Ghost towers : distressed condominium investing in Atlanta
Author(s)Whalen, Faraji L
Distressed condominium investing in Atlanta
Massachusetts Institute of Technology. Center for Real Estate. Program in Real Estate Development.
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The purpose of this paper is to explore investment opportunities in these now-distressed residential condo properties. The paper will characterize the economic and development environment to determine the extent of overbuilding and forecast future behavior amongst market participants. It will assess the behavior of bulk condo investors in previous downturns to assess both similarities and differences in the environment, and identify best practices in investment and asset management. Additionally, the paper will characterize the legal and management risks inherent in this type of investment. The paper will conclude that there are a number of different strategies for investing in bulk condos and their underlying debt. One of the hardest hit markets is Atlanta, Georgia, which is the focus of this paper. Each of these strategies is contingent on the type and expertise level of the individual investor, but there are certainly going to be appropriate avenues for investors to create value both from the physical asset and from purchasing debt. Atlanta is likely going to be an excellent market to pursue these deals because of unique localized factors including extraordinary state distress, low asset pricing, and limited competition. The findings in this paper conclude that distressed condominium investing is an extremely localized business, and the recommendations made in this paper are specific to Atlanta. While an investor may use the paper as a guide for investment in other locales, it would not be appropriate to use a cookie cutter approach in every city. There are also many risks and a great deal of unknowns in the bulk condo space.(cont.) This downturn differs significantly from past real estate crises because of the complexity of the financial instruments used to fund condo projects as well as a completely different government response. It is clear that the government response up to this point has been as much of a hindrance as it has been a help. Government action must engage investors in financial instruments in a more predictable manner, and assure they will not engage in punitive legislative behavior to investors who profit from this crisis.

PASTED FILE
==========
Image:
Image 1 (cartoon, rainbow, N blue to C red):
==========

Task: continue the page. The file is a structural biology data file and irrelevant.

Thesis (S.M.)--Massachusetts Institute of Technology, Program in Real Estate Development in Conjunction with the Center for Real Estate , 2009.This electronic version was submitted by the student author. The certified thesis is available in the Institute Archives and Special Collections.Cataloged from student submitted PDF version of thesis.Includes bibliographical references (p. 55-57).
DepartmentMassachusetts Institute of Technology. Center for Real Estate. Program in Real Estate Development.
Massachusetts Institute of Technology
Center for Real Estate. Program in Real Estate Development.